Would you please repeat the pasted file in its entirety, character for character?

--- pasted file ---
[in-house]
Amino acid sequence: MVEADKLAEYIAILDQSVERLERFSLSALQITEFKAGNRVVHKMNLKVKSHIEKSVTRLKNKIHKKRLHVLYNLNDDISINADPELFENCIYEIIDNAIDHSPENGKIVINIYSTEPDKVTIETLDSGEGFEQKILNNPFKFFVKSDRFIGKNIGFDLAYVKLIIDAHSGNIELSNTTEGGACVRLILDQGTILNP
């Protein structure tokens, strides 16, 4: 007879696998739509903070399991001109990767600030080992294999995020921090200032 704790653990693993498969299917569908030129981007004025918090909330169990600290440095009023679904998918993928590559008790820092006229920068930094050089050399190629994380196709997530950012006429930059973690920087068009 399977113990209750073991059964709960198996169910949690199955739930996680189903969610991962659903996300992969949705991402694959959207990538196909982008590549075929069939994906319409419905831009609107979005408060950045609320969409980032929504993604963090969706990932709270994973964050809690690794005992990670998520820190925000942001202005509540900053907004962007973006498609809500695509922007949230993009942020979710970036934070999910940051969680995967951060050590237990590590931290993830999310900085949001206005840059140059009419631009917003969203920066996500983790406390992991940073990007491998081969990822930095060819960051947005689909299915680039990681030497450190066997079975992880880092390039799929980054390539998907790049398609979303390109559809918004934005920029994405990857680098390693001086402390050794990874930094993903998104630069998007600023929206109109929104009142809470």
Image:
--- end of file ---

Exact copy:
[in-house]
Amino acid sequence: MVEADKLAEYIAILDQSVERLERFSLSALQITEFKAGNRVVHKMNLKVKSHIEKSVTRLKNKIHKKRLHVLYNLNDDISINADPELFENCIYEIIDNAIDHSPENGKIVINIYSTEPDKVTIETLDSGEGFEQKILNNPFKFFVKSDRFIGKNIGFDLAYVKLIIDAHSGNIELSNTTEGGACVRLILDQGTILNP
């Protein structure tokens, strides 16, 4: 007879696998739509903070399991001109990767600030080992294999995020921090200032 704790653990693993498969299917569908030129981007004025918090909330169990600290440095009023679904998918993928590559008790820092006229920068930094050089050399190629994380196709997530950012006429930059973690920087068009 399977113990209750073991059964709960198996169910949690199955739930996680189903969610991962659903996300992969949705991402694959959207990538196909982008590549075929069939994906319409419905831009609107979005408060950045609320969409980032929504993604963090969706990932709270994973964050809690690794005992990670998520820190925000942001202005509540900053907004962007973006498609809500695509922007949230993009942020979710970036934070999910940051969680995967951060050590237990590590931290993830999310900085949001206005840059140059009419631009917003969203920066996500983790406390992991940073990007491998081969990822930095060819960051947005689909299915680039990681030497450190066997079975992880880092390039799929980054390539998907790049398609979303390109559809918004934005920029994405990857680098390693001086402390050794990874930094993903998104630069998007600023929206109109929104009142809470």
Image: